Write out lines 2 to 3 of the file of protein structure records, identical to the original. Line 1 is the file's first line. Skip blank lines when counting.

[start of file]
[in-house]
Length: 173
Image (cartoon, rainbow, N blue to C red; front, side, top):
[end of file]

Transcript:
Length: 173
Image (cartoon, rainbow, N blue to C red; front, side, top):